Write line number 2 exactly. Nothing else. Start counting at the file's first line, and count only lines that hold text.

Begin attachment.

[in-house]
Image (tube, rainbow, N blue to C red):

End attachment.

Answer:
Image (tube, rainbow, N blue to C red):